|French president, François Hollande.|
Never mind about unemployment rates, taxes, a general malaise and rampant pessimism — it’s possible, alleged, maybe, could be, might be true that French president, François Hollande, has a new mistress.
The never married socialist politician has nevertheless fathered several children and has been involved with some very attractive, high-profile women.
A refresher, in order of their appearance in his life, for those of you who may have other concerns to occupy your attention:
|Segolene Royal, above and below.|
1.) Segolene Royal, 60, herself a politician and former presidential candidate. Monsieur Hollande and Madame Royal have four children together.
|Anne Hidalgo, above and below.|
2.) Anne Hidalgo, 54, première adjointe to the present mayor of Paris, Bertrand Delanoë, and current candidate for his job.
3.) Valerie Trierweiler, 48, political journalist with Paris Match, and until we hear differently, France’s Première Dame.
|Julie Gayet, above and below.|
4.) Julie Gayet, 41, actress.
As you can see by the chronological order above, Madame Gayet is maybe President Hollande’s latest love interest. Royal has never been married; Hidalgo is divorced and remarried and has three children; Trierweiler is twice divorced and has three children; and Gayet is married with two children.
A well connected French political journalist told me that “everyone in the press corps and politicians on both sides of the aisle” believe that the French president also fathered another child.
French privacy laws are protective and strict. News outlets that discuss what is considered inappropriate comments about one’s life — no matter how public that person may be — can face serious fines.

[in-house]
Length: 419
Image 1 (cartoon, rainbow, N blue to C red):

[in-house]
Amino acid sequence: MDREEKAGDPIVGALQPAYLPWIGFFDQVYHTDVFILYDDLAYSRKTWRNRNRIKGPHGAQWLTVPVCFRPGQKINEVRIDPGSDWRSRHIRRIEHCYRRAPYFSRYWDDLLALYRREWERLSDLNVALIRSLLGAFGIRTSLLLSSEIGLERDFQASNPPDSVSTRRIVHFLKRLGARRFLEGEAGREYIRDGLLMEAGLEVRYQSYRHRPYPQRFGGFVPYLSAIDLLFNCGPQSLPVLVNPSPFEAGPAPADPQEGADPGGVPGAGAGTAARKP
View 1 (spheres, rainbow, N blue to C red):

The original story was printed in the Italian owned magazine, Closer, whose editors sent out a bevy of photographers near an apartment where the alleged trysts transpired.
Television stations assigned reporters to do the classic “on-the-street” interviews asking Parisians what they thought about the story. Without exception, men and women, all said the president’s private life should remain private. Several said they thought the report was “not interesting.”
The real story here is that the report ever surfaced. Perhaps, something the French fear, the press in this country is becoming more like the “Anglo-Saxons” who pillar politicians for their dalliances. The longhistoireof former president, Francois Mitterrand, with his mistress Anne Pingeot, and the daughter they had together was well-known by the press and beyond. But again, the public didn’t seem to be concerned by the fact their taxes paid for the housing and protection of his “second family.”
As long as a leader effectively performs his elected duties the French maintain, “where’s the problem?”
A few minutes ago, the Elysée Palace, the president’s official residence, released a statement declaring that Valerie Trierweiler, whom the French have never clasped to their collective bosom, had been admitted to a hospital with “extreme exhaustion.”